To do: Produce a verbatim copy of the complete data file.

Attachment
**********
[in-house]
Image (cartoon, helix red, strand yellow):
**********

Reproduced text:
[in-house]
Image (cartoon, helix red, strand yellow):